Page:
Research into Resilience of Atlantic Coral Helping to Inform Solutions for Tropical Coral Health
RWU professor’s latest research describes the microbiome of the hardy Northern Star Coral, which can withstand extreme temperatures
BRISTOL, R.I. – By investigating the microbiome of our local Northern Star Coral, a Roger Williams University professor is making breakthroughs on understanding how microbes might contribute to resilience in corals, with the goal of finding solutions for addressing tropical coral reef health around the globe.
In collaboration with researchers from the United States Geological Survey (USGS) and Georgia Institute of Technology, RWU Assistant Professor of Marine Biology Koty Sharp has been conducting a detailed investigation of the bacterial communities that live in and on the Northern Star Coral (Astrangia poculata), a species that inhabits coastal Atlantic waters along the entire East Coast.
“What we’re learning about the microbiome of the Northern Star Coral is that it is remarkably predictable, compared to most tropical corals. During the winter months, when the cold weather causes the coral to enter into a state of dormancy, we see a predictable change in the microbiome,” Sharp said. “We believe the seasonal shifts in the microbiome are key to understanding the coral’s ‘thermal resilience’ – the ability to survive the major temperature changes here in New England. Our work on the Northern Star Coral microbiome will help us determine how microbiomes can contribute to thermal resilience in corals. This will be valuable in our race to save tropical corals, which are not as resilient, and are now suffering due to human-induced climate change.”
Her recent publication in AIMS Microbiology is a continuation of her previous studies on the Northern Star Coral’s microbiome, providing a broad picture of “who’s in there,” she said, which enabled her to develop “molecular probes” that can be used to image the animal under a microscope and determine where specific bacterial species live in the coral. Sharp is senior author of the research paper, “Stability of Temperate Coral Astrangia poculata Microbiome is Reflected Across Different Sequencing Methodologies,” along with co-authors Dawn B. Goldsmith (St. Petersburg Coastal and Marine Science Center, USGS), Zoe A. Pratte (Georgia Institute of Technology), Christina A. Kellogg (St. Petersburg Coastal and Marine Science Center, USGS), and Sara E. Snader (Cherokee Nation Technologies, contracted to USGS).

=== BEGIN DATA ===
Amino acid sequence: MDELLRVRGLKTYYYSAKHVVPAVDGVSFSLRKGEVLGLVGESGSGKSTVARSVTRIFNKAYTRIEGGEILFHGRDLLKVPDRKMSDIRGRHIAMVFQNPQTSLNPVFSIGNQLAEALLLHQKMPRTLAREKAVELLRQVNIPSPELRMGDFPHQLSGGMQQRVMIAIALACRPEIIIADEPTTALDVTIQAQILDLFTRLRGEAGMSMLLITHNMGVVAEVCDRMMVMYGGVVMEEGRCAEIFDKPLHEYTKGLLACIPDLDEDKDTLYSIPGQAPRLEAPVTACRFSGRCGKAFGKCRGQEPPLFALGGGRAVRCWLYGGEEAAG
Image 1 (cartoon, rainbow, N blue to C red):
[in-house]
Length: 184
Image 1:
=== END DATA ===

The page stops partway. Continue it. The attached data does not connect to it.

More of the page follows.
Sharp connected with her research team through the Astrangia Research Workshop, which she co-coordinates every year at RWU, bringing together some of the nation’s top coral reef scientists to spark new research and solutions on the impact of climate change on tropical reefs through the study of our local temperate corals. Collaborating with the team of scientists, Sharp co-designed the experiment and analyses of the microbiome.
For several years now, Sharp has been collecting Northern Star Coral samples off the coast of Fort Wetherill in Jamestown, R.I., and maintaining the colonies of silver dollar-sized bushy animals inside Roger Williams’s Wet Lab, where she leads a team of undergraduate student researchers on exploring the coral’s microbiome. She has also integrated her research on the Northern Star Coral into interdisciplinary coursework for biology, marine biology, environmental science and public health majors. Later this year, the public will get the chance to see this research at an exhibit under construction at the Rhode Island Audubon Center in Bristol, R.I., where Sharp and her students’ research will be showcased along with a display of our local coral.
Now that they know more about the bacterial communities that inhabit the Northern Star Coral, there’s more research yet to come. Sharp’s team of six undergraduate researchers are all working on independent research projects based on the recent data results, using the RWU Wet Lab and recently acquired advanced microscopy systems in the RWU Marine & Natural Sciences Building.